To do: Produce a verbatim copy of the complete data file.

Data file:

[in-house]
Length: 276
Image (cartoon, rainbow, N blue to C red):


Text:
[in-house]
Length: 276
Image (cartoon, rainbow, N blue to C red):